Experiments with low-level ball arithmetic

May 16, 2012

In the implementation of ball arithmetic I wrote about previously, arithmetic is done naively using FLINT (fmpz) integers. This is easy to implement but adds quite a lot of overhead at low precision (up to a precision of several hundred digits).

I’ve started writing some experimental code for a low level implementation (based on mpn functions). The goal is that a single ball addition or multiplication should be as cheap as or cheaper than a single MPFR operation, ideally close to a mpz fixed-point arithmetic with no error bounding at all.

There are many different ways to do the low-level implementation, giving various tradeoffs between simplicity, speed, and accuracy. So far I’ve tried two approaches.

The first is to do straight up floating-point arithmetic with a full-limb radix (i.e. the digits are base 232 or 264, and the exponent measures the number of digits), like the GMP mpf type, but with a single limb (aligned with the bottom of the mantissa) for the radius. When the radius overflows one limb, the precision of the midpoint is reduced one limb. This has the advantage of requiring few adjustments, and adding numbers can be done with a single mpn_add without temporary space or extra shifts. One disadvantage is that since the top limb can be nearly empty, about half an extra limb is needed on average to obtain the same effective precision as with base 2 arithmetic.

The second is to do base-2 floating-point arithmetic, i.e. with a base-2 exponent, but with the mantissa still having a precision measured in a whole number of limbs, and with a single-limb radius aligned with the last limb as in the first representation. This requires some more adjustment code to make sure that the top bit of the top limb always is set. Advantages of this representation include the fact that the full representable precision is used, and that the error propagated in multiplication can be bounded very easily if one accepts always losing 1-2 bits of precision (this is too much in general, but can be useful for dot products).

Both representations have some minor disadvantages: whenever the radius overflows a limb, the error is amplified by a large factor (however, this is a rare event on average), the results are machine-dependent (this is not a problem if one uses the ball arithmetic as a lower-level routine for a computation intended to produce an exact or precisely defined result in the end, using adaptive precision or Ziv’s strategy for correct rounding), and the lack of precise semantics makes it somewhat difficult to write strong test code.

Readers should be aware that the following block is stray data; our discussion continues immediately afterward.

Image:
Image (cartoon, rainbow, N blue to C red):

Other possible approaches include using base-2 arithmetic with a precision measured in bits, perhaps with the radius taking up less than a whole limb (making radius calculations even cheaper). This is likely to require more code, with more (potentially expensive) adjustment steps, but might make the arithmetic more well-behaved with fewer strange worst-case situations.

In any case, I’ve compared how long time it takes to multiply two n-limb numbers using mpn, mpz, FLINT fmpz, and MPFR functions, as well as the working fmpz-based ball arithmetic code (arb), and the two experimental implementations mentioned above (arb1 and arb2). To be precise, the mpz and fmpz timings indicate the combined time to do a multiplication and a shift, necessary to do a fixed-point multiplication.

limbs mpn mpz fmpz mpfr arb arb1 arb2
1 10 30 57 48 139 26 32
2 18 44 51 58 230 57 51
3 30 54 68 89 259 70 64
4 44 68 83 100 279 88 82
5 62 88 100 129 300 110 100
6 83 110 129 150 340 130 130
7 110 129 150 180 380 160 150
8 139 170 180 200 400 180 190
9 170 210 220 240 440 230 220
10 210 259 270 300 510 280 270
11 259 310 320 490 550 320 310
12 300 340 360 530 610 360 360
13 350 400 420 519 660 410 410
14 410 450 470 640 700 480 470
15 470 519 530 640 769 540 530

We see that arb1 and arb2 are nearly equal, and both are faster than MPFR and nearly as fast as mpz, accomplishing the goal. There are a few special cases left (e.g. zero radius) that would need handling in a proper implementation, which should add a few nanoseconds to each, but it’s also possible that the code for either could be streamlined a bit.

I also implemented addition for the arb1 type:

limbs mpn mpz fmpz mpfr arb arb1
1 7 17 30 83 87 31
2 6 17 29 88 95 39
3 7 17 29 92 97 45
4 8 20 32 79 100 48
5 11 20 32 82 100 51
6 11 23 36 83 100 58
7 12 23 34 100 100 59
8 16 26 40 98 110 61
9 17 31 41 110 120 62
10 14 32 44 110 110 67
11 20 27 45 120 110 72
12 15 27 39 110 110 71
13 18 28 40 110 120 73
14 18 31 43 110 110 78
15 19 28 41 120 120 83

Again, speed is much better for arb1 than for MPFR and arb. The timings for arb1 should actually be a bit better, closer to the mpz numbers. Right now I’m actually not sure why the difference is so large. The numbers get better if you only time it with a fixed set of inputs.

So far, the code is to incomplete to draw any conclusions about which approach is better. Code complexity is probably the biggest issue. In both versions, multiplication takes 150 lines or so of very dense code, and this code does not even handle all cases yet. It would be great to get rid of more branches, but that alone is difficult. Addition is not any easier (the arb1 implementation, which is supposed to be the one where addition is simple, has 150 lines of code and about 20 branches).